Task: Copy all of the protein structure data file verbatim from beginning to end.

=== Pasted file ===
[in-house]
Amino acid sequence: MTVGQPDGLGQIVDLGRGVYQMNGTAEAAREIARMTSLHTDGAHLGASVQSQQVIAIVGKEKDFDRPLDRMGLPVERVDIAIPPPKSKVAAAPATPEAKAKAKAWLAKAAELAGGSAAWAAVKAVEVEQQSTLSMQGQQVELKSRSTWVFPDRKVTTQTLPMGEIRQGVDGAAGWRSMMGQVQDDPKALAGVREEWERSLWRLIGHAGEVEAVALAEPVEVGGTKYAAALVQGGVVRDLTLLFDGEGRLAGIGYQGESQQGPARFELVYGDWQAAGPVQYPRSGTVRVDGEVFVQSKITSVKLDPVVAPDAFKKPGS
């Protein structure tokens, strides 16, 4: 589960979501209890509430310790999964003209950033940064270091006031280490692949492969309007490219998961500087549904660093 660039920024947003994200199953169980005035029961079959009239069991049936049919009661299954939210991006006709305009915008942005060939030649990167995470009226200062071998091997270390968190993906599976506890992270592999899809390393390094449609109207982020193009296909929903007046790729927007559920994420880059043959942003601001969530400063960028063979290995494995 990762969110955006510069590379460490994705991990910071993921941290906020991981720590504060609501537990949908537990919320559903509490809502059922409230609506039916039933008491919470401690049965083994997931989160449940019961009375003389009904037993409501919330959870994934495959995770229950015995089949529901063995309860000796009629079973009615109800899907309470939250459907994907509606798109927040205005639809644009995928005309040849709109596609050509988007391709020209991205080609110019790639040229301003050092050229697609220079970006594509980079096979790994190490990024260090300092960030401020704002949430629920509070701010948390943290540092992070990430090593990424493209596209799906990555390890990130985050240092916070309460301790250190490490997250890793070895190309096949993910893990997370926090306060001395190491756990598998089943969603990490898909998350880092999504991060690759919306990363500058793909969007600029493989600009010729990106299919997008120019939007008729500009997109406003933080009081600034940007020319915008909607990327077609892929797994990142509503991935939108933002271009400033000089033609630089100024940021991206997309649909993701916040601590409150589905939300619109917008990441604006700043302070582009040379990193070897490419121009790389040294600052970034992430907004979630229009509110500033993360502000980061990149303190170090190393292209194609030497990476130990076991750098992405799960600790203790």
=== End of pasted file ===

[in-house]
Amino acid sequence: MTVGQPDGLGQIVDLGRGVYQMNGTAEAAREIARMTSLHTDGAHLGASVQSQQVIAIVGKEKDFDRPLDRMGLPVERVDIAIPPPKSKVAAAPATPEAKAKAKAWLAKAAELAGGSAAWAAVKAVEVEQQSTLSMQGQQVELKSRSTWVFPDRKVTTQTLPMGEIRQGVDGAAGWRSMMGQVQDDPKALAGVREEWERSLWRLIGHAGEVEAVALAEPVEVGGTKYAAALVQGGVVRDLTLLFDGEGRLAGIGYQGESQQGPARFELVYGDWQAAGPVQYPRSGTVRVDGEVFVQSKITSVKLDPVVAPDAFKKPGS
């Protein structure tokens, strides 16, 4: 589960979501209890509430310790999964003209950033940064270091006031280490692949492969309007490219998961500087549904660093 660039920024947003994200199953169980005035029961079959009239069991049936049919009661299954939210991006006709305009915008942005060939030649990167995470009226200062071998091997270390968190993906599976506890992270592999899809390393390094449609109207982020193009296909929903007046790729927007559920994420880059043959942003601001969530400063960028063979290995494995 990762969110955006510069590379460490994705991990910071993921941290906020991981720590504060609501537990949908537990919320559903509490809502059922409230609506039916039933008491919470401690049965083994997931989160449940019961009375003389009904037993409501919330959870994934495959995770229950015995089949529901063995309860000796009629079973009615109800899907309470939250459907994907509606798109927040205005639809644009995928005309040849709109596609050509988007391709020209991205080609110019790639040229301003050092050229697609220079970006594509980079096979790994190490990024260090300092960030401020704002949430629920509070701010948390943290540092992070990430090593990424493209596209799906990555390890990130985050240092916070309460301790250190490490997250890793070895190309096949993910893990997370926090306060001395190491756990598998089943969603990490898909998350880092999504991060690759919306990363500058793909969007600029493989600009010729990106299919997008120019939007008729500009997109406003933080009081600034940007020319915008909607990327077609892929797994990142509503991935939108933002271009400033000089033609630089100024940021991206997309649909993701916040601590409150589905939300619109917008990441604006700043302070582009040379990193070897490419121009790389040294600052970034992430907004979630229009509110500033993360502000980061990149303190170090190393292209194609030497990476130990076991750098992405799960600790203790």